Innovating for better health, saving lives: Sri Lanka’s ambulance story

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Ambulance driving down a quiet road in South Asia Ambulance driving down a quiet road in South Asia

In the rural town of Morawaka located in Southern Sri Lanka, home to lush tea estates and paddy fields, Ramya is finally mother to a beautiful baby girl. She was born after a harrowing experience of an umbilical cord prolapse, a condition where the umbilical cord gets out of the body before the baby and risks cutting off the baby’s blood and oxygen supply. Ramya’s daughter was thankfully born safe—although in a surprising twist—aboard an ambulance, one of the world’s most digitally advanced and free ambulance services in Sri Lanka called ‘1990 Suwa Seriya’. 

Since its launch in 2016, 1.8 million Sri Lankan citizens in distress have dialed 1990 , and a Suwa Seriya ambulance has rushed them to the nearest hospital or primary care facility within 12 minutes of their call, one of the fastest response rates in the world for an ambulance service. In these seven years, Suwa Seriya has saved countless lives—providing citizens the highest level of pre-hospital care, reducing complications caused by delayed care, and enabling them to get back into the workforce in record time—making a positive contribution to the country’s economy.

South Asia is home to many development innovations, including in the delivery of social services through government-private sector-and civil society partnerships, and so 1990 Suwa Seriya stands in a proud tradition. What can we learn from its experience, so it can be replicated and scaled across other countries in the region?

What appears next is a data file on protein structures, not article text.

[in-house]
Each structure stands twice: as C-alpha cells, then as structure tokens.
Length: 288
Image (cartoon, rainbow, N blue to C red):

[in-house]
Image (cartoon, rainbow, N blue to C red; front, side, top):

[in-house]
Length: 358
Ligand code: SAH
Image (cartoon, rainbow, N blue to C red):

Championing a unique operational model

Established through a dedicated Act of Parliament in 2018, 1990 Suwa Seriya is a government entity that operates with the agility and independence of a private sector organization, resulting in remarkable efficiency and setting new standards for government-delivered services. I remember first hearing about this service when I met with MP Harsha De Silva—he described the project as a testament to the power of bipartisan support, above the political fray and focused uniquely on saving lives.

To enable this single pointed focus, 1990 Suwa Seriya’s operation is end-to-end process driven, with technology as its backbone. We see that in its commitment to continuous improvement—from its logistical operations on how to fuel ambulances in record time and its R&D on how to integrate Artificial Intelligence into its emergency response system, to keeping an eye on continuous learning for staff on new systems and technologies and finding innovative funding streams so as to not strain public finances. Being governed by a board comprised predominantly of private sector volunteers and insulated from the typical constraints of public sector operations helps the organization make swift, informed decisions that are crucial for saving lives. 

Unlocking digital innovation

We know that digitization is a game changer for South Asia. 1990 Suwa Seriya has tapped into this potential by leading digital innovation in health and emergency services. Its trademark speed and efficiency come from digital integration into its processes and operations—from using specific algorithms to identify the fastest (not the nearest) ambulance that can be deployed to an emergency, to tracking callers’ locations through an app, to digitally tracking fuel levels in its vehicles.